A Guide to Buying Import Japanese Games
You may be here because you want to get those sweet imports months or years earlier before they release in the west. Or you may be here to figure out how to buy video games from Japan so that you can use them to help you learn Japanese. From which consoles are region-free to where to, and how to, buy your games, you will find out everything you need to know in this in-depth guide to importing video games from Japan! 😀 You can also jump straight to the list of sites by clicking the link below if you have already done your research about region-locking.
Be Careful of Region Locking
When deciding what games to import, region locking is something very important to consider. Some, but not all consoles, can only play games from the country that the console was made in. This means that you have to be careful when importing games as there is a chance they won’t work on your system. To things easier for you I am going to break down which consoles are and aren’t region-locked. If they are locked then I have also supplied links to Japanese console imports that are available on Amazon or you can get them from Play-Asia, which tends to be cheaper.
Don’t forget that if you do grab an imported console then you are going to need an adapter and maybe a transformer to convert the Japanese plug and voltage to the socket that your country uses.
Which Consoles Are Region Free?
PlayStation and PlayStation 2 – Region-locked
Unfortunately both the original PlayStation and PlayStation 2 are region locked. To overcome this you will have to buy a Japanese console to play Japanese games. You can import both consoles from Amazon here (PS1) and here (PS2).
PlayStation 3, PlayStation 4, PSP and Vita – Region free
Since the release of the PlayStation 3, all games for Sony consoles have been region free (with Way of the Samurai 3 and Persona 4 Arena being two exceptions). Besides these exceptions, if you want to import Japanese games for the PlayStation 3, PlayStation 4, PSP or Vita then you will be fine. You may need to create a new account and set it to the appropriate region to be able to play Japanese games. You can set up one PSN account per region (google how to do this as it changes) and you can therefore use the PlayStation Store in different regions thus getting access to games you wouldn’t normally be able to get.
Something to note about the PS3 is that it will play Japanese PS1 games that are downloadable but not physical disks as these are region-locked.
Things to note about the PSP and Vita are that physical games will work immediately but for digital downloads it gets more complex as each device is attached to one account at a time. To get past this you will just have to switch accounts/memory sticks to get to different games.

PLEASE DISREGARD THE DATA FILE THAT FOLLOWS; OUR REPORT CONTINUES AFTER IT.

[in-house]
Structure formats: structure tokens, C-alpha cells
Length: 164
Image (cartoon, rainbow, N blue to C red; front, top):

Buying Digital Games and DLC
If you want to get your game really quickly and it’s on a Sony console then you can also grab a Japanese PSN card to buy digital games. Once you grab a Japanese PSN card, all you have to do is make a Japanese PSN account , find your game, buy it and download it. You can actually grab Japanese PSN card codes from Play-Asia which will be sent straight to your email address so you can grab your games straight away. Here’s a link to their PSN cards. If you don’t want to use Play-Asia then you can also purchase Japanese PSN cards from Amazon.
You can also find a variety of free-to-play games by heading to the section on the PlayStation Network Store that says, “基本プレイ無料” (きほんぷれいむりょう). You can filter by console type as well.
DLC for games must match the version of the game that you have. You cannot buy non-American DLC for an American copy of a game, it just won’t work. If you want to get Japanese DLC for an American game then you will have to purchase the Japanese version of the game first, then log into your Japanese PSN account and download it.
Original Xbox – Region-locked
Games for the original Xbox are region locked. If you want to import Japanese games for the original Xbox then your best bet is to grab an import of the Japanese version of the console on Amazon.
Xbox 360 – Partially Region-locked
The 360, for some reason, gets really complicated and it will depend on the game as to whether it will work or not. You are best of checking this compatibility guide to see if the game you want works. If it doesn’t then you can get an import Japanese Xbox 360 on Amazon.
Apparently you can also create accounts for different regions for the Xbox 360 which can allow you access to different digital content.
You can also get access to a ton of Japanese demos from the marketplace. This video shows you how to do it.
Xbox One – Region free (besides China)
Xbox One is region free (except China) so games from Japan should work on your system perfectly fine! 😀
Nintendo Switch, GameBoy, GameBoy Color, GameBoy Advance and Nintendo DS – Region free
If you love portable games then you will be thrilled to hear that GameBoy, GameBoy Color, GameBoy Advance and Nintendo DS are ALL region free!